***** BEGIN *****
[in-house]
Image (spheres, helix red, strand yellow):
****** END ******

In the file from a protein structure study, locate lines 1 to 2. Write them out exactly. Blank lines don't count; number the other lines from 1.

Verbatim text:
[in-house]
Image (spheres, helix red, strand yellow):